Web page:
Controversial farmland deals in developing countries can have a negative impact on the people who live on the land, according to a new U.N. report.
While investment in agriculture is essential to help developing countries reduce hunger and poverty, the U.N. Food and Agriculture Organization says these large-scale “land grabs” don’t always help.
The surging global demand for food, fodder and fuel crops is driving a land rush in parts of the developing world.
Investors are pouring money into large-scale farmland leases in Africa, Asia, former Soviet countries and elsewhere.
The Gambella region of Ethiopia is home to many such leases. It is also home to some of the last best farmland on Earth.
The Ethiopian government says it has leased more than 225,000 hectares to foreign investors, who have put more than $2 billion into the deals.
Ethiopian officials say this is just the kind of agricultural development the country needs to modernize farming, improve food production and provide jobs.
Obang Metho, who grew up in Gambella, sees it differently.
“I am not anti-investment,” he says. “But I am anti-daylight robbery. What is going on in Africa is robbery.”
Metho heads the Solidarity Movement for a New Ethiopia, an activist group based in Washington. He says farmers in Gambella have been pushed off their land to make way for companies from China, India and Saudi Arabia that are exporting the harvest back to the home country.
Human Rights Watch estimates that 42 percent of the land in the region is leased or on offer.
Metho says that’s a serious problem for a country like Ethiopia, with hunger problems of its own.
“If they have land to give to the Indians, or the Arabs, the Chinese, the Saudis to come,” he asks, “why did Ethiopia not use this land to feed the Ethiopian people?”
Ethiopia’s Washington embassy says it’s not displacing small-holder farmers, and that it takes great care not to infringe on the rights of local people.
But large-scale land deals in developing countries have become more common in recent years as global food commodity prices have spiked. Critics call them “land grabs.”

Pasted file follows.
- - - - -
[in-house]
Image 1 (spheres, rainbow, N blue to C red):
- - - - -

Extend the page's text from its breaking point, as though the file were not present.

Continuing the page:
“’Land grab’ is sort-of a controversial term, but I think it’s accurate in this case,” says Michael Kugelman, lead editor of “The Global Farms Race,” a new book on agricultural investments and food security.
Search for farmland
He says food-importing countries are looking for farmland abroad to limit their exposure to volatile global markets.
“These food importing countries also lack the land and the water at home to do the farming themselves,” he says. “So they’re going abroad to countries that are very willing to host them.”
Data are sketchy, but estimates of land leased are in the tens of millions of hectares worldwide.
Outcomes have been mixed, says Jomo Kwame Sundaram, economic and social development chief at the FAO.
The organization’s new report highlights the need for investments in agriculture in the countries hosting these land deals. But Sundaram says land deals may not always be the best way to do it.
“Land acquisisions are one of the most difficult type of investments to produce the types of desirable outcomes that we have in mind, like food security, local economic development, etcetera,” he says.
Countries get better results from public-sector investments in research and infrastructure, for example.
Pocketing the proceeds
Michael Kugelman says the food security and economic development benefits promised to the people of the host countries have not materialized. But he says many of the governments have benefitted.
“A lot of the governments in the countries hosting the deals are corrupt, they’re not very democratic, and they’re happy just to pocket some of the proceeds from these investments.”
And some of these deals are sparking conflict.
Protesters overthrew the government of Madagascar in 2009 in part because of a land deal that would have leased half the country’s arable land to a South Korean firm. The new government canceled the deal.
International organizations, including the FAO and the World Bank among others, have developed voluntary guidelines for responsible land investment to try to promote more equitable investment.
The FAO’s Jomo Sundaram says the investor community wants the guidelines, too.
“There is quite a bit of demand by the private sector for those guidelines that will help them to protect their own investments,” he says.
But Obang Metho from the Solidarity Movement for a New Ethiopia doubts that voluntary guidelines will change the behavior of corrupt and autocratic governments.
“As long as the regime doesn’t respect the rights of their people, nothing will work,” he says.
Meanwhile, the rising demand for food will continue to drive fierce competition for the limited remaining land on which to grow it.